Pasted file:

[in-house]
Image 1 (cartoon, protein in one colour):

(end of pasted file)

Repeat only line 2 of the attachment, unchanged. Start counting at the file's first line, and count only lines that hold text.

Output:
Image 1 (cartoon, protein in one colour):